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Merkel mourns fallen Bundeswehr soldiers

DDP/DPA/The Local · 9 Apr 2010, 16:40

Published: 09 Apr 2010 16:40 GMT+02:00

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Merkel was joined by Defence Minister Karl-Theodor zu Guttenberg and hundreds of military and civilian mourners at the St. Lamberti church in the Lower Saxon town of Selsingen. Both politicians bowed before the three coffins draped with the red, black and gold German flag and soldier’s helmets.

The chancellor expressed her deep sympathy for the family and friends of the fallen soldiers, saying their loved ones had died for Germany.

“They paid the highest price that a soldier can pay,” she said. “I bow before you. Germany bows before you.”

Merkel also acknowledged that her government had chosen to break the long standing political taboo of calling the conflict a “war.”

“We must look the facts in the eye,” the chancellor said according to public broadcaster ARD. “Many call the mission in Afghanistan a war. And I understand that well.”

“I stand behind the mission in Afghanistan, because it serves the security of our country,” she added, also acknowledging that work there has been more difficult than was expected when German soldiers first arrived eight years ago.

Guttenberg also acknowledged that the Afghan mission is indeed a war.

“What we endured on Good Friday in Kunduz is understandably described by most as war – by me too. A country mourns with you,” Guttenberg said during the service. “Rest in peace, soldiers.”

The event marked the first time that Merkel – or any modern German leader – has attended a service to honour German soldiers killed in action. Germany has lost 39 soldiers in Afghanistan since the Bundeswehr joined NATO operations there.

The Bundeswehr paratroopers – aged 25, 28 and 35 – were shot during a fierce battle against insurgents in the Chahar Dara district southwest of the city of Kunduz on Good Friday. Eight other soldiers were injured in the fight, four of them seriously.

The three soldiers had been deployed from the nearby Seedorf military base, where flags flew at half-mast on Friday.

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“We cannot grasp what has happened,” military reverend Hartmut Gremler said during the service. “Why these deaths? We stand here helpless.”

But even as mourners prepared to attend the church service, a spokesperson from Germany’s military command centre in Potsdam confirmed on Friday morning that two explosives were detonated as a convoy passed on a road four kilometres from a Bundeswehr camp in the Kunduz district of Afghanistan around 9:30 am, damaging a German military vehicle but injuring no-one.

The recent bloodshed in the country has renewed debate over military policy in Afghanistan and whether the Bundeswehr is being properly outfitted and trained.

DDP/DPA/The Local (news@thelocal.de)

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Your comments about this article

17:09 April 9, 2010 by Henckel
Guttenberg is right. This is a war, no matter how the far-Left wishes to define it.
17:20 April 9, 2010 by michael4096
Military supremacy is niether required nor desired in 2010, but what about 2020..? These guys deserve honour and respect for their role today but are they the last of an old race of proud warriors or the beginning of a new breed of daring policeman?

Maybe, my father asked the same questions, 60 years ago, sitting on top of the king david hotel in jerusalem - without a blue helmet, because they hadn't been invented yet.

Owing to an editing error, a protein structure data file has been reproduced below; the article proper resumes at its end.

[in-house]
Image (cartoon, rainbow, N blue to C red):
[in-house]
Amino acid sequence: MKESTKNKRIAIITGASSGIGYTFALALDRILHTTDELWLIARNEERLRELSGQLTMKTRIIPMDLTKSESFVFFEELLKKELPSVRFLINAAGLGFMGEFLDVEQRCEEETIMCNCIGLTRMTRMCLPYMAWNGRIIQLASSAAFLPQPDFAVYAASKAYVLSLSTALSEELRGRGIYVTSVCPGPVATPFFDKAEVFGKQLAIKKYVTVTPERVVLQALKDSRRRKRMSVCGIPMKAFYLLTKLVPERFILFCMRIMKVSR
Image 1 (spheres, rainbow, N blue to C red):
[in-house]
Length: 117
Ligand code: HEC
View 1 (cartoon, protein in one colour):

The future is taking its time.
19:03 April 9, 2010 by Der Grenadier aus Aachen
I've noticed that no one has actually given their names…

The fallen were all paratroopers of Fallschirmjägerbataillon 373.

All three were professional soldiers who fell in battle at the hands of the enemy on the second of April, 2010. Their names were:

Hauptfeldwebel (OR7/OR8) Niels Bruhns

Hauptgefreiter (OR3) Martin Augustiniak

Stabsgefreiter (OR4) Robert Hartert

A personal note to my fallen comdrades:

You followed the flag, and in doing so, honored us all with your sacrifice. Thank you for the defense of those that could not defend themselves.
19:39 April 9, 2010 by fair1day
Thankyou for your service. My wife and kids and I appreciate your gift. It is more valuable than anything else in life. You cannot go to a store and buy it.

I saw a bumper sticker that said "My son fought in Afghanistan so your son can party in college"

Pretty much says it all.

Thankyou guys again, and God bless your families now.

They will need it.
20:33 April 9, 2010 by Der Grenadier aus Aachen
Want to briefly amend my above comment with the following extra information:

The name is HptGefr Augustyniak; my apologies to the family.

The three fallen were members of a small German motorized patrol. They were ambushed outside of Kunduz by an estimated ~100 enemy combatants. Of the three, one fell to remotely-detonated mine-turned-IED. One fell to a bullet wounded to the head. The third fell from multiple bullet wounds to the body. 8 other men were wounded.

It should be noted, with great emphasis, that the reason for the high casualty count was due to the fact that these honorable men refused to bring heavy ordinance to bear on the enemy, because the enemy positions were composed of civilian homes whom the paratroopers believed to also be occupied by non-combatants.

On another note, another patrol vehicle was attacked today with an IED in the same area. No casualties are reported.
21:12 April 9, 2010 by Major B
@ Der Grenadier aus Aachen,

You seem to have alot of details about this. The Bundeswehr rules of engagement are pretty restrictive and it seems stricter than the general NATO engagement rules. Hope in conferring with Gen McCrystal and the NATO command this can be cleared. Don't expect the Americans to be so nice once they arrive in force in the Kunduz area. The American military and public wouldn't stand for it. It would have been the same for the Germans many many years ago but the perhaps the citizen-soldier stuff is good for warriors. And hope I don't sound callous. They should be able to use the Americans for cover as they ramp up their responses to the cowards.
23:08 April 9, 2010 by Prufrock2010